The Endless cycle of Trying to Quit

“I’m done. I just can’t do it anymore.” While these might sound like the words of someone who is finally ready for treatment, they are quite the opposite. I am giving up on treatment, after five failed attempts. These are my words.

I wanted to know what was wrong with me. Why I couldn’t get better. Was I one of the people whom treatment doesn’t work for? One of the “unfortunates” who are “not at fault; they seem to have been born that way”? I remembered that paragraph from the Big Book of Alcoholics Anonymous. I remembered most of them.

After all, I’d read it so many times. I’d been to the meetings. Inpatient or outpatient, 12 step based meetings that I went to because of an intervention; or an order from drug court; or on my own volition. Ones as short as twenty eight days or as long as six months. What was wrong with me?

I certainly had issues. I was “powerless” over drugs and alcohol. Not because I actually could not control myself, but because I believed I couldn’t. So I didn’t. After all, the first of the twelve steps is to admit we are powerless. This was a nice, zero-responsibility idea I could agree with. I was a victim. But something didn’t feel right about all of this.

I hated the idea I would have to attend meetings for the rest of my life or else I wouldn’t make it. I hated when the guy at the meetings, who had been sober for thirty five years told me that today was just as hard as his first day. I had trouble with the concept of believing in God, let alone asking him to remove my character defects. But out of all of the sayings I found so cliché, there was one that I did like: “Relapse is a part of recovery.” That meant failure was inevitable. And it was an out I took over and over again.

What I didn’t know, was there were others ways. There are alternative programs, many with much higher success rates and empowering approaches. Where were they? Why do the court systems not order people to them regularly, as they do with AA meetings and programs? Why have the Twelve Steps become the Industry standard, despite the glaring evidence they should not be?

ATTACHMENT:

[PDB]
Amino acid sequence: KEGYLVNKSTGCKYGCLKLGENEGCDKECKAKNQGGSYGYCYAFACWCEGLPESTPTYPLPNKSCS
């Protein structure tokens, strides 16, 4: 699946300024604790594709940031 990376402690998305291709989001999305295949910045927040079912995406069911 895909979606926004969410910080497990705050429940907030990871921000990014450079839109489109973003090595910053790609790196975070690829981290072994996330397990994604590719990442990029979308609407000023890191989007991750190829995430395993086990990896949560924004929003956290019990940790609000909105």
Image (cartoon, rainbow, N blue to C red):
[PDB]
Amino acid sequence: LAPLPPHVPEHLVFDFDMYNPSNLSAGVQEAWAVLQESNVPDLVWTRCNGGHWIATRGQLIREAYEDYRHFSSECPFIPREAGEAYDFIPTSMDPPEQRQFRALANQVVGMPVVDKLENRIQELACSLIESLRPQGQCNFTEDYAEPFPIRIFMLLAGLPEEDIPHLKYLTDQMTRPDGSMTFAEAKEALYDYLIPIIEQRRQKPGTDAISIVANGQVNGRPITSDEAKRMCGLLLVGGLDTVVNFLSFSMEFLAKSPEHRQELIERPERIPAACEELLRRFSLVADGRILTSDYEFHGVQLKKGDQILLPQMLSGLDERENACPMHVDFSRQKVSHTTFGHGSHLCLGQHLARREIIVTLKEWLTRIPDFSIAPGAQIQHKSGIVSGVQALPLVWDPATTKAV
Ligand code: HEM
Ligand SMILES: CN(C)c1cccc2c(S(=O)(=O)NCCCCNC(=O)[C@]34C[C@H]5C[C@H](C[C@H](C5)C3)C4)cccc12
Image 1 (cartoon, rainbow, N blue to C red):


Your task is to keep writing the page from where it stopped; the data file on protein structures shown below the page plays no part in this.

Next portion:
To answer all of these questions would take a dissertation rather than an informative blog. Feel free to do your own research on this, as it’s quite interesting. There are various political, financial, and even religious reasons why this has become the case. And with over 2 million members in AA, it is by far the most attended methodology. It is unfortunate that only five to eight percent of these people will achieve recovery.

Being addicted to heroin, benzodiazepine tranquilizers and alcohol for 12 years can look pretty hopeless. You may even be, or know someone, who wants to give up. I’m not here to bash AA or NA. I have personally witnessed people achieve sobriety through it. It does work for some people. Just not myself, and many others.

There are other options. Why continue to do the same thing if it’s not working? I had to realize this, and start investigating. I decided to give it one last shot. And with the help of my family, I did. I decided if this last effort didn’t work, I was going to do drugs until I died. I was told to find someplace good. My search began.

I found there are programs out there that are holistic and secular. That do not give you drugs to replace the drugs you were on. Places that don’t give you a bewildering diagnosis of being doomed for life with a disease that’s incurable. You can get the help you need and take back control of your life. You can leave treatment rehabilitated, without a prescription for antidepressants and daily meetings. You can resume life because you are no longer an addict. You are powerful.

I’m Joe, and I’m not an addict. Anymore. I have been clean for over five years. 

If you or a loved one is struggling to get sober and stay sober please contact us today to learn more and receive a free assessment. 1-877-467-2641

AUTHOR

Joe Kertis

Originally from the Pacific Northwest, Joe has worked at Narconon New Life Retreat for the past seven years, since his relocation to Louisiana. As the Intake Supervisor, he helps families and individuals through a very difficult time and take their first steps to a new, drug-free life. Get in touch with Joe on Twitter, Google+ or LinkedIn.

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